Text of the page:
Tenants need to be listened to: community support – not heavy-handed policing
Leo Patterson Ross
On the weekend over 3,000 public housing tenants in Melbourne were put into enforced lockdown by the VIC government due to a spike in COVID-19 in the area. This lockdown affects 1,345 homes in nine buildings in Kensington, Flemington and North Melbourne.
The lockdown was effective immediately and significantly more restrictive than lockdowns in other areas. The lack of any warning caused a great deal of confusion and fear for residents. The immediate lockdown also led to massive practical problems for the affected tenants, ranging from lack of food and medical supplies, to separation from family and interpreters, to not being able to go to their jobs.
The tenants have reported that when food supplies eventually arrived they were inadequate and culturally inappropriate. Some of the food provided was out-of-date, and pork was sent to Muslim families. Others reported cereal without milk, or fillings but no bread. Residents and community supporters have instead organised volunteer-run mutual aid deliveries of food and other essentials. However some of these deliveries have not been allowed into the buildings.
Ahmed Dini, a resident of the North Melbourne apartments and a social worker told the Guardian:
"People are angry and they have every right to be angry. I think a lot of that anger is based on the decision that was made to have the lockdown effective immediately."
"The police went into the community within 15 minutes. Woman and children who were downstairs, once they saw [the police] they just ran into the building. They didn’t know what was happening. There were people locking their doors and say 'don’t ever call the police'. There was so much misinformation. There was so much fear."
There has been large and ongoing police presence – over 500 police per shift are reportedly deployed both inside and outside the buildings. Although heavy-handed policing has sometimes been a feature of the response to COVID-19 in other places, it is hard to imagine that an approach such as this one would ever be used in a community of predominantly white people and/or home-owners in wealthy suburbs. It is not coincidence that the harshest lockdown in Australia has been imposed on renters in poor communities, where many people are refugees.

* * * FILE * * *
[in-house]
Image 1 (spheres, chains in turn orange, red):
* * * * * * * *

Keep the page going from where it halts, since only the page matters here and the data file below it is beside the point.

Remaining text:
I don’t believe it’s the case that government officials were looking to stick it to the people of this community. Rather, this community is being punished now for past decades of neglect in building enough public housing, let alone good, spacious public housing. Awatif Taha says of his experience:
"My neighbours and I have been frightened because we live in such crowded conditions. We have just two lifts for 180 flats in my building."
"We have nine flats on each level, and 20 levels. We share the laundry between nine flats. So it has been a scary situation – when you open your door, or when you touch something in the lifts. We have been really careful but we are living so close together, and sharing so much, so we know it is risky."
This has led to a situation in which some members of a community – people living in these apartments – are now facing extremely restrictive lockdown apparently for their own safety. Others in the community are not facing this same level of restriction because their housing and community infrastructure is of a higher standard. This is punishment simply for the crime of being poor in a society that places the blame for poverty on the people experiencing it.
Tenants of the locked down homes have called for a different approach – one based on respect and medical support, rather than punitive policing. Resident Hiba Shanino has written eloquently, "we knew about Covid-19 in the towers and were taking care, but instead of support there was only police." Residents want to do the right thing to fight COVID-19. They have asked for a testing station to be set up within walking distance of their homes, without police presence.